by trey whitted and franny valour n.
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Kant

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  1. By Trey Whitted and Franny Valour Kant

  2. Background Info • A Prussian philosopher during the 18th century • Born in Konigsberg, in 1724 • He was considered on the last influential philosophers of the classic period called the theory of knowledge • Published important works on science, religion, law and history • Best know for his theory of transcendental idealism • Kant also pointed out the cause of the diminution of the Earths rotational speed; but it went unnoticed until 1840 • He was also a professor at the university of Konigsberg Immanuel Kant

  3. Kant’s Famous Works • The Groundwork of the Metaphysics of Morals. • The Critique of Practical Reason • Anthropology from a Pragmatic Point of View • Religion within the Boundaries of Mere Reason • Thoughts on the True Estimation of Living Forces http://www.philosophypages.com/ph/kant.htm great back-round on works

  4. Transcendentalism and Idealism • Transcendentalism- any philosophy based upon the doctrine that the principles of reality are to be discovered by the study of the processes of thought, or a philosophy emphasizing the intuitive and spiritual above the empirical (http://en.wikipedia.org/wiki/Transcendentalism) • The empirical is knowledge derived from experience or experiment • Idealism- the tendency to represent things in their ideal forms, rather than as they are (http://dictionary.reference.com/browse/idealism) Ex)Trey can not define his shirt as it truly is only as he perceives it because that’s all he can see of it, he can never truly know how it is, only how he perceives it to be.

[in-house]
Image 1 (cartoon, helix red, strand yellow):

5. Theory of Transcendental Idealism • Transcendental Idealism- the human experience of things is similar to the way they appear to us — implying a fundamentally subject-based component, rather than being an activity that directly comprehends the things as they are in and of themselves.

  6. 8 cross steps to transcendentalism • (1) Transcendental Idealism of Intuitions and Phenomena.— • That intuitions and phenomena are nothing beyond experience. • (2) Empirical Idealism of Things-in-themselves.—That things in- • themselves are nothing in experience • (3) Transcendental Realism of Things-in-themselves. — That • things-in-themselves are real beyond experience. • (4) Empirical Realism of Intuitions and Phenomena. — That • intuitions and phenomena are real in experience. • The four rejected by Kant are the following:— • (5) Transcendental Realism of Intuitions and Phenomena.— • That intuitions and phenomena are real beyond experience. • (6) Empirical Realism of Things-in-themselves.—That things in- • themselves are real in experience. • (7) Transcendental Idealism of Things-in-themselves. — That • things-in-them6elves are nothing beyond experience. • (8) Empirical Idealism of Intuitions and Phenomena.—That • intuitions and phenomena are nothing in experience (i.e. • have not objective reality)

  7. Work Cited Page • http://en.wikipedia.org/wiki/Immanuel_Kant • http://dictionary.reference.com/browse/idealism • http://en.wikipedia.org/wiki/Transcendental_idealism • http://en.wikipedia.org/wiki/Transcendentalism • http://plato.stanford.edu/entries/kant-moral/ • http://www.philosophypages.com/ph/kant.htm